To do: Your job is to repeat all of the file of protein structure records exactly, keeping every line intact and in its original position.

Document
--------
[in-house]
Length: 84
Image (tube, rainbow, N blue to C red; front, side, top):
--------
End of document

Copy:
[in-house]
Length: 84
Image (tube, rainbow, N blue to C red; front, side, top):